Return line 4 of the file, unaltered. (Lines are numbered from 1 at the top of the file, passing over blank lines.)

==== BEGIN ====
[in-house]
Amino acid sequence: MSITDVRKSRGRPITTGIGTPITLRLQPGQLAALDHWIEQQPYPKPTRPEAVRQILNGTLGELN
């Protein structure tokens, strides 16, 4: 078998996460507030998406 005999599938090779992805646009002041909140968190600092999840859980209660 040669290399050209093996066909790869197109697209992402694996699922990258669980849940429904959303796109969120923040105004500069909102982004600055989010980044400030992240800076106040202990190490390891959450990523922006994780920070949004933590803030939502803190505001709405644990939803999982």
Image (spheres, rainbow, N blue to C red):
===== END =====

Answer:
Image (spheres, rainbow, N blue to C red):